Archive for June, 2010

Introducing Natsuishi Ban’ya

June 3, 2010

Natsuishi Banya has been a presence in Japan’s increasingly complex and interesting haiku world since the early eighties. In a traditional literary climate strapped by convention, Natsuishi has boldly broken away from the standard cultural and artistic expectations of a haikuist and made the haiku a platform for experiment and discovery – which is of course exactly what the haiku should be. But for Natsuishi, this means stretching the form beyond its usual boundaries, often ignoring syllable counts and seasonal words, and refusing to lapse into personal sentimentality as a means of producing what might be viewed by readers as the expected “haiku moment”. If the heart of haiku is surprise, then Natsuishi is indeed surprising. One of his earlier books, Shinkuuritsu (Shichousha, 1986), is splattered with katakana, difficult readings and many unique readings of characters supplied with the use of furigana.

Tokyo ni ikareru hana wa yuki no hana
Flowers angry
In Tokyo
Are snow flowers

The character for “angry” (okoru) is given the optional reading of “ikaru” in furigana, and is placed in an odd form (ikareru), making it possible to hear this also as “flowers going to Tokyo”. Then, the choice of characters for “flower” is “hanayaka”, or “ka”, referring also to China, as well as brilliance and luster. It’s an almost too heavy choice for this kind of image, but Natsuishi’s aim in this book is to push the reader’s perceptions somewhat off kilter. This poem leaves the interpretation open in a way so as to allow for at least three readings that I can think of off hand. It is likely that no two people will understand it in quite the same way. In the same book is another poem, also supplied with furigana for kanji (though obviously only for visual effect in this instance), which supplies the surreal image of…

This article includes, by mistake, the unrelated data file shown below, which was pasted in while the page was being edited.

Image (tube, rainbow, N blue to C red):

Kuuchuu no teikoku bochi ni tane maku mono yo
Someone spreading seeds
In the Imperial graveyard
In mid-air

Again, Natsuishi breaks with expectations, and utilizes furigana, punctuation and kanji choices to add to the visual experience in a way not previously done in haiku. In a short statement accompanying selections of his haiku included in a modern anthology, Gendai Haiku New Wave (Rippuu Shobou, 1990), Natsuishi poses the question of how one might structurally dismantle the Japanese language so as to have a closer look, not in the analytical sense, but in the poetic sense. This is what Natsuishi sets out to do.

Natsuishi Banya completed his Masters degree in comparative literature at Tokyo University, which has made him deeply familiar with foreign literature, especially the European avant-garde of this century. He works out of the well-established though lesser known tradition of Modernist experiment in haiku begun by iconoclastic writers such as Tomisawa Kakio in early Showa, and continued by figures such as Takayanagi Shigenobu during the post-war period. Natsuishi reveals his theories and his analysis of this history in his book of essays Haiku no Poetikku (Seichisha, 1983).